How to Be Rich, Even When You’re Poor
Words are free. If you see an interesting word, and you learn how to use it, you can add it to your Bank of Vocabulary account, without any fees or interest rates!
What are your favorite words? You can’t hoard endless amounts of your favorite snack or your favorite brand of clothing, but you can have as many of your favorite words as you want – for FREE!
I will never forget the college professor who told me that I could make any word I use my own. Building your vocabulary is a simple yet very powerful practice, once you start taking advantage of it.
You can even invent words! If you need to express something, but can’t think of the appropriate word, make a new word! If you use it frequently enough, and can convince other people to use it, it will become part of language, just like any other word. Dictionary editors frequently add words to subsequent editions. According to Merriam-Webster:
To be included in a Merriam-Webster dictionary, a word must be used in a substantial number of citations that come from a wide range of publications over a considerable period of time. Specifically, the word must have enough citations to allow accurate judgments about its establishment, currency, and meaning.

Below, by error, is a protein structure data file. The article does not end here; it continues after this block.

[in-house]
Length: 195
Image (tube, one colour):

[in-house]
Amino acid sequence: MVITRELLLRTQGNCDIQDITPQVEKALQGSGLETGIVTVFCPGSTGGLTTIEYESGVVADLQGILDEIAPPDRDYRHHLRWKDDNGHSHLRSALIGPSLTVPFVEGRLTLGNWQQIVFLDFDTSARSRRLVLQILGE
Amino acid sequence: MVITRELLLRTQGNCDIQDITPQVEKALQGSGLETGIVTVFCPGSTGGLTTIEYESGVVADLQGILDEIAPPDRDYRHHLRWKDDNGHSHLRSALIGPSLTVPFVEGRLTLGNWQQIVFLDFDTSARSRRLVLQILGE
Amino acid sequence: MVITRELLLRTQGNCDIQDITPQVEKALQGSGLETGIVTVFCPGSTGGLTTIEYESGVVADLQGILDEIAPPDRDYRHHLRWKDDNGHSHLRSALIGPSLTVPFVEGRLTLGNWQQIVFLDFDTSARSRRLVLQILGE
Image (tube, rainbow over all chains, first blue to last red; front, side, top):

How do words enhance your life? Using a rich and varied vocabulary will make you seem more intelligent and articulate. If you want to belong to a certain group, you can use the words the group members use when they are together.
The words you use help shape your identity. But how will you know which words you want to use if you don’t know many words? How do you find new words? How do you discover the riches that await you?
Some people cruise the dictionary, others subscribe to word-of-the-day e-mails. Personally, I think the best way to expand your vocabulary is to read challenging works: books, magazine articles, newspaper articles, essays, etc. Make note of the words you like, even if you’ve seen them before or know what they mean. Good writers use words in challenging, surprising contexts. Reading something in context is the best way to learn.
For example, this morning, on the bus, I was reading “Complicit with Everything”, a poem by Tony Hoagland. Before reading this poem, I was sort of familiar with the word complicit, but I probably wouldn’t have used it in everyday speech. In the poem, a vine growing up the side of a shingled house is described as “complicit with nothing but everything”.
I had never seen the word “complicit” used in such a context. When I had access to a computer, I looked it up on Dictionary.com: “choosing to be involved in an illegal or questionable act, esp. with others; having complicity.” Could you imagine a vine described as something involved in an illegal act? Poets make words fun and interesting. I will certainly remember “complicit” in the future.
Don’t skip over unfamiliar words. Make a point to notice how the writer uses the word in context. For the rest of the day, find reasons to use that word in conversation. I promise you that you won’t sound like a jerk if you occasionally use a “big” word. In fact, you might inspire someone else to use that word too. And you’ll be one word richer than you were before.
(Photo by Bethany L. King)